Once I started receiving the hardware, I had to decide where to start. The easiest part of the project was really going to be setting up DOS. or at least I thought so. By today's standards DOS is an incredibly simplistic and uncomplicated operating system, but that does not mean it is easy to setup, configure and use.

The first thing I tried was FreeDOS, this was kind of a mistake in retrospect. FreeDOS did not like the 128MB flash drive at all and nothing I could do would fix that. When I tried to use expanded memory, the system would crash before it even finished booting, although extended memory seems to work just fine. I gave up on this and hoped I would have better luck with MS DOS.

The tricky part of MS DOS was the floppy install. Mind you I do have a USB floppy drive and a few disks laying around, but the idea of sitting there for half an hour swapping disks did not appeal to me. So just to get started, I booted to a disk I made from AllBookdisk.com and copied the few files that were there into the c:\dos folder. This gave me a limited set of utilities that was really not very useful. The it dawned on me that I had a full install on a virtual disk, so after a quick run back to my main system, I mounted the virtual machines image and copied all the files and folders from the virtual disk to a USB drive. The problem I had with this was MS DOS did not recognize my USB drive as formatted, even though I formatted it as FAT32. I ran fdisk on the USB drive and then formatted it again. I went back to my system and repeated what I did before and tried again, this time the process worked perfectly. I now had a fully functional install of MS DOS.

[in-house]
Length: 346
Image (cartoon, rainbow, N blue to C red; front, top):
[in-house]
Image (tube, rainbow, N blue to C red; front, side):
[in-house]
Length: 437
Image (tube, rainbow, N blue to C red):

The next problem was networking, DOS networking was never good, at best it was barely usable. I spent the next 2 hours scouring the internet for drivers, specifically, I needed DOS Packet Drivers. I did find what I was looking for on a pretty sketchy website that hosted old driver packages. Fortunately this particular network chipset was used on a couple of old motherboards. Next I needed sound, so I repeated my driver quest and came with nothing, the oldest Operating System I could find for the sound was Windows XP. So, no sound. I could not even find Windows 3.1 drivers for either the sound or the video.

Next was to find some programs to run. I of course easily found my two favorite text editors of the time Boxer and Freemacs. But I also wanted something a bit closer to a real word processor. MS Word for DOS is available free from Microsoft, you can download it here is you really want it. I also installed DOOM and some other fun things. I also downloaded Arachne, a DOS based web browser. This worked well enough, but I would not suggest it for anything other than very basic browsing.